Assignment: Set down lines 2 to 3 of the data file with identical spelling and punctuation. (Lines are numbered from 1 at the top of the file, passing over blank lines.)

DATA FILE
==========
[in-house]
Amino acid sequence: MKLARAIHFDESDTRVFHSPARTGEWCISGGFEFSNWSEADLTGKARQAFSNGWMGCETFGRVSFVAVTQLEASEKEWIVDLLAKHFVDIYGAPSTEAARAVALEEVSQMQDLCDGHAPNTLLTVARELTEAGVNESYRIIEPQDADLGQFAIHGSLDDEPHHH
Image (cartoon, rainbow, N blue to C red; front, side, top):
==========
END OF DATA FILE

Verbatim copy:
Amino acid sequence: MKLARAIHFDESDTRVFHSPARTGEWCISGGFEFSNWSEADLTGKARQAFSNGWMGCETFGRVSFVAVTQLEASEKEWIVDLLAKHFVDIYGAPSTEAARAVALEEVSQMQDLCDGHAPNTLLTVARELTEAGVNESYRIIEPQDADLGQFAIHGSLDDEPHHH
Image (cartoon, rainbow, N blue to C red; front, side, top):